Load testing

Your Performance Testing is Biased

Your performance testing is biased. It’s not a criticism; it’s a reality. In fact, all performance testing (and all testing, for that matter) is inevitably biased. Let’s confront the elephant in the room and take a hard look at what those biases involve—as well as how they ultimately impact the accuracy and efficacy of our performance testing.

As human beings, we’re all guilty of cognitive biases. A cognitive bias refers to “a systematic pattern of deviation from norm or rationality in judgment, whereby inferences about other people and situations may be drawn in an illogical fashion.” Cognitive biases are part of the human condition; we can only hope to be aware of our biases, not eliminate them. Even in the relatively narrow context of performance testing, we’re susceptible to selecting the story we find interesting, compelling, familiar, and/or confirmatory – and then using data to support the narratives we like.

Many people who work in IT think they know how to performance test: “Just apply the same load as production in a test environment, and then you know if the system will scale and we can go live”. But consider:

  • How many assumptions and shortcuts do we take in building our load model?
  • How many factors do we ignore in declaring equivalency between production and test environments?
  • How thorough is our analysis going to be?
  • What will we really decide to do – or not do – based on the results?

The fields of software/hardware/network/systems engineering are stuffed with common biases. Both these and biases more closely associated with performance testing/engineering are worthy of reflection.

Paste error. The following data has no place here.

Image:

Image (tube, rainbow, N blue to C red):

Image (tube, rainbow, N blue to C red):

1. What about social biases? Ever spent more time and energy discussing metrics that all members are already familiar with? That could be considered Shared Information bias.
  2. Ever bolstered or defended the status quo, or been on the other side of that? System Justification bias.
  3. How about memory biases? Forgetting information that can otherwise be found online or is recorded somewhere? Google Effect/Digital Amnesia.
  4. How about postmortem analysis of an event becoming less accurate because of interference from the post event news of how your site crashed and pressure from management? Misinformation Effect.
  5. Some performance testers still push back against virtualized and cloud load injectors, well after modern computing has moved on. If you ask why, there is typically an anecdote of resource overcommitment at the virtualization host level, so now it is impossible to trust data that isn’t generated by physical machines (with their own operating system background processes, resource contention, etc). Anchoring/Focalism.
  6. Unprofitably spending time debating individual script steps and test data characteristics, instead of researching the load model? Debating a stray CPU spike instead of researching a flood of errors midtest?
  7. Continuing to run tests that don’t yield useful information, or trying to salvage obsolete test artifacts, because someone thinks a lot of valuable time was spent building them? Sunk Cost.

If you’re intrigued by these issues, please consider attending WOPR26, which will focus on exploring them in depth.  WOPR has been around since 2003, and it’s earned a reputation for stimulating lively, hype-free discussions among the world’s top performance testers and engineers. WOPR is NOT a conference. It’s an intimate, interactive gathering (< 20-30 people) where practitioners can share experiences, network with their peers, and help build a community of professionals with common interests.

I’m the “Content Owner” of WOPR26, which will be held in Melbourne, Australia on March 5-7, 2018. This particular workshop is designed to explore the wide range of cognitive biases and their effect on your performance testing experiences. What are the common reasoning mistakes we make, and why are we still making them? What are the mistakes our stakeholders make, and how can we help in avoiding them?

This could be related to the approach you took, the tools you used, the analysis you made, or how that analysis was received and consumed. Part psychological, part technical, you might leave this workshop feeling a little less biased (or at least more aware of your biases), and maybe even have a cathartic release in having shared and reflected on your experiences and mistakes.

If you’re interested in sharing your insights—or just learning more about the topic—submit your application. We’ll be sending out invitations mid-December, so the sooner, the better.